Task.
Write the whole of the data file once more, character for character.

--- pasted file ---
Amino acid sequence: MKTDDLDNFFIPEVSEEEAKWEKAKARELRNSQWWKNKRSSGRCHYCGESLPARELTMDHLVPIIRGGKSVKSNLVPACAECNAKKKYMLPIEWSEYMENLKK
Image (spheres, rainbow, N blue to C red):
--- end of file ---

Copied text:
Amino acid sequence: MKTDDLDNFFIPEVSEEEAKWEKAKARELRNSQWWKNKRSSGRCHYCGESLPARELTMDHLVPIIRGGKSVKSNLVPACAECNAKKKYMLPIEWSEYMENLKK
Image (spheres, rainbow, N blue to C red):